in their home countries.
 
Allowable Costs:
 
U.S. investigators may request funds to support research projects in
the trainees' home country that emanate from the M.S. and Ph.D.
epidemiological and related training program.  The research supported
(1) must be one of the requirements in fulfillment of an M.S. or
Ph.D. degree or part of research training, (2) be relevant to an
environmental or occupational health problem in the trainee's
country, and (3) may form the basis for a long term collaboration
funded by future research grant support.
 
The following cost categories are eligible for reimbursement under
this program.  It should be noted that the following stipends and
allowances are maximums and applicant institutions are encouraged to
design the most cost-effective programs generally at lesser amounts:
 
o  Living allowance (stipend) comparable to trainee's professional
level and compatible with established NIH guidelines, but not to
exceed $45,000 per annum while undergoing training in the U.S.;
 
o  Living allowance (stipend) while conducting in-country
dissertation research or in-country advanced research training at a
level comparable to that received by similar professionals
in-country, but also not to exceed $45,000 per annum;
 
o  Tuition and fees at the U.S. university;
 
o  Round trip economy class air fare between the U.S. and home
country (two trips for M.S. or Ph.D. candidates and advanced research
trainees, one for all others);
 
o  Allowance for the grantee institution of  up to $600 monthly per
trainee to cover health insurance, travel to scientific meetings, and
incidental research expenses;
 
o  Additional research support of up to $15,000 per trainee to
facilitate the conduct of advanced research training in the home
country conducted by current or former trainees; the program director
is expected to have projects submitted for this funding peer reviewed
by the U.S. institution;
 
o  Support of up to $10,000 for in-country field research in partial
fulfillment of the M.S. or Ph.D training program;
 
o  Travel and per diem for the program director and U.S. faculty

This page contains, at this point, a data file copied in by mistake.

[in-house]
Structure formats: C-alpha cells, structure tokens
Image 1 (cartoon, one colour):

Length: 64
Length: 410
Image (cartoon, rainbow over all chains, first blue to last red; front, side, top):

colleagues to provide guidance to students conducting
dissertation-related field studies or advanced research training in
their home countries;
 
o  Program director's salary (up to 10% of annual salary or $10,000,
whichever is smaller);
 
o  Travel and per diem for U.S. faculty presenting short-term,
in-country courses;
 
o  Support (travel, per diem and pro-rated salary, up to 10 percent
of annual salary or $10,000, whichever is less), to enable U.S.
faculty to be involved in advanced research training activities
conducted in-country; and
 
o  In keeping with the intent to maintain a flexible program,
requests for an administrative supplemental budget will be considered
for increases of up to 20 percent of funded levels in a given budget
year for the expansion of prior approved activities to meet special
needs and take advantage of unusual opportunities.  Such requests
will be reviewed by program staff and support will depend upon
availability of funds.
 
For administrative expenses:
 
o  Administrative expenses at the U.S. institution (secretarial
expenses, etc.) not to exceed 10 percent of the direct costs of this
award.  While a portion of salary (up to 10 percent) for the program
director for the purpose of administering this award is allowable, it
is encouraged that this be provided for under related grants or
awards funded by the NIH and CDC.
 
For related activities with other industrialized nations:
 
o  Support for travel and subsistence of U.S. or foreign
investigator(s), and the exchange of data, materials and supplies,
not to exceed 10 percent of direct costs of this award unless prior
approval is secured from the FIC.  As a condition of this special
expenditure, the applicant must indicate that some form of
cost-sharing will be provided by the counterpart institution in an
industrialized nation.
 
Grantee institutions may request an indirect cost allowance based on
eight percent of the total allowable direct costs exclusive of
tuition and related fees and expenditures for equipment.  The total
allowable cost (direct and indirect) per grant for the first year of
this five year award must not exceed $150,000. Applicants should
assume a budget increase of four percent per year for each succeeding
year.  While applicants may develop programs at or close to these
limits, they are strongly encouraged to pursue the most
cost-effective approaches for implementing these programs.  The
intent is to award three grants depending upon the quality of the
approved grant applications and the availability of funds.
 
Before any funds can be expended from this award, the grantee
institution must show evidence of approval for collaborative research
between the U.S. and foreign countries and institutions included in
the program through an endorsement from the appropriate government
officials as well as from the collaborating institutions.
 
FUNDS AVAILABLE
 
Approximately $400,000 (total costs, contingent upon resources) will
be available for this program in FY 1996, reflecting support from the
FIC, the NIEHS, and the NIOSH.  An estimated three awards will be
made depending upon the quality of approved applications.  It is
anticipated that other public and private sector organizations will
become collaborators in support of these programs.  All collaborators
would be so recognized for their contributions which could increase